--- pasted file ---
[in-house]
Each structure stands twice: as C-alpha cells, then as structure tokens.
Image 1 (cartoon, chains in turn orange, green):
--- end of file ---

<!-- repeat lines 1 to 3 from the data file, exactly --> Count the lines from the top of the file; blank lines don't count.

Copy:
[in-house]
Each structure stands twice: as C-alpha cells, then as structure tokens.
Image 1 (cartoon, chains in turn orange, green):